Why we love Italian cars

By: Adam Davis

Presented by

Italian cars Italian cars Italian cars
Italian cars: 202 MM Italian cars: 202 MM Italian cars: 202 MM
Alfa Romeo SZ Alfa Romeo SZ Alfa Romeo SZ
Heidi Klum and Maserati Heidi Klum and Maserati Heidi Klum and Maserati

From the serene snow-capped peaks of the northern Alps to the explosive Mount Etna in Sicily, there’s enough atmosphere, history, food and culture to make fertile minds thrive. La Dolce Vita.

Why we love Italian cars
Italian cars


LA DOLCE VITA - Why we love Italian cars

Italian automobile manufacturers have historically produced the world’s most iconic machinery. With engineers and designers seemingly unbound by the usual car-building constraints such as efficient project delivery, practicality, reliability and rust prevention, the best Italian machines are like the people; moody, but magnificent.

Lancia and Lamborghini were extensions of their creator’s personalities; Maserati was formed by a brace of racing-mad brothers; Ferrari sounds far better than Fuji Heavy Industries. The romance extends to the language itself; ‘500’ sounds rank-and-file until cinquecento rolls off a Torinese tongue.

Meanwhile styling houses such as Pininfarina, Zagato, Bertone and Ghia gave Italian cars an aesthetic charisma that attracted the world’s eye and clothed the thoroughbred engines within. And what engines: from the diminutive two-pot Fiat 500 engine to a quad-cam, 48-valve Lamborghini V12, the Italians have defined aural greatness like no other country.

Of course, to achieve such heights, there’s inevitably failure along the way. When was the last time you saw a rust-free ‘everyday’ Italian from the 1960s-1980s? Thank lengthy Lambrusco-fuelled strikes and cheap steel for that. How are the electrics? And just how do you keep all those carburettors in tune? The answer’s usually to supply bank account  details to a grubby ‘specialist’ mechanic and watch your savings dwindle. And it’s never quite right.

For all the rust scandals, financial implosions and ill-starred mergers, the Italian car industry has always been capable of fantastic engineering ingenuity and giddying success. So let’s sit back, run the highlights reel and celebrate Italian genius and eccentricity.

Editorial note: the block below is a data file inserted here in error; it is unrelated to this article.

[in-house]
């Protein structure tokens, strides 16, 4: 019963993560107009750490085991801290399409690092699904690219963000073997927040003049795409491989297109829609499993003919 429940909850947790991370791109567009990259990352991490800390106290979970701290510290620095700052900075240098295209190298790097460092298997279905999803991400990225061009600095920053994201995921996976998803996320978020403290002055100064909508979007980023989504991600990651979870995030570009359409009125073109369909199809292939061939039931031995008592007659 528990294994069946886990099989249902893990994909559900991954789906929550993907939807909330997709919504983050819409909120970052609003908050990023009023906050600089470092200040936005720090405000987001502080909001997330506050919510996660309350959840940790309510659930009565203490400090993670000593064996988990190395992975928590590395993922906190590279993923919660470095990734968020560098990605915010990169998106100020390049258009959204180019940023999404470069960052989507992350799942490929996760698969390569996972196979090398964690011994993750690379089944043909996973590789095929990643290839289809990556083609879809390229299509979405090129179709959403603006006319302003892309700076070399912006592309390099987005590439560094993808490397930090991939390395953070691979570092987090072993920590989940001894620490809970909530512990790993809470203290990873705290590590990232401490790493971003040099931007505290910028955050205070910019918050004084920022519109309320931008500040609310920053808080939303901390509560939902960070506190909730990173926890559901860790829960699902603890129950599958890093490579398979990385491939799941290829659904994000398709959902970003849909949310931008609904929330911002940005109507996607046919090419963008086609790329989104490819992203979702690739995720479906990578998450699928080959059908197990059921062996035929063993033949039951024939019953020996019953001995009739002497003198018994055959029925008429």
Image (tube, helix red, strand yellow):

STAR POWER: Maserati and Heidi Klum

Sublime form, voluptuous curves, unbridled charisma… and the cars aren’t bad either. A slice of Italian exotica is a glass of brunello to a fine bistecca; the perfect attraction enhancer.

Early Ferrari adopters included Clint Eastwood and Steve McQueen, who introduced his mate James Coburn to the joys of the Prancing Horse.

Rod Stewart loved his Lamborghinis, John Lennon his Iso Fidia, and film stars such as Audrey Hepburn and Sophia Loren had a thing for Alfa Romeos.

The Lancia Aurelia was favoured by many Grand Prix drivers of the 1950s with World Champions Mike Hawthorn and Juan Manuel Fangio both using them personally.

Supermodel Heidi Klum (above) posed with a range of Maseratis for a now-famous Sports Illustrated shoot, titled ‘Beyond the Swimsuit’ in 2014, proving the lure is as strong as ever.


Marcello Gandini, then at Bertone, created the supercar template with his 1967 Lamborghini Miura. He also penned the sublime Countach LP400, Maserati Ghibli, Iso Grifo and Lancia Stratos.

A lesser-known coachbuilder, Scaglietti, was responsible for the 250 GT California, perhaps the most elegant Ferrari of all, but it is Pininfarina which is most associated with the brand. Its F40 of 1987 approached perfection in its raw brutality.

Zagato’s open-air Alfa Romeo 1750 GS brought fame to both marques, fostering a relationship that culminated with the TZ of the 1960s. Scaglione’s Alfa Tipo 33 Stradale is also a work of breathtaking beauty.

Fiat’s ‘Otto Vu’ (V8) was a favourite of coachbuilders, but the most dramatic was the ‘Supersonic’ by Ghia. Meanwhile Fiat’s more humble 500 and 2300 S are fine examples of small cars with big measures of charisma.


The term ‘etceterini’ was coined as a term of (attempted) humour to cover the lesser-known Italians.